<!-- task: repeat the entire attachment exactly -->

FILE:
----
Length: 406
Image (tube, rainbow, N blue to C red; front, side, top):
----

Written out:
Length: 406
Image (tube, rainbow, N blue to C red; front, side, top):